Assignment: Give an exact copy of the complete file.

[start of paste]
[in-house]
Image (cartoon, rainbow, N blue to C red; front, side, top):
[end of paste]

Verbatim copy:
[in-house]
Image (cartoon, rainbow, N blue to C red; front, side, top):